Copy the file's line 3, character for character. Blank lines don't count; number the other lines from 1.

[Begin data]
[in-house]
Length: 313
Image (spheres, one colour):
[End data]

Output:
Image (spheres, one colour):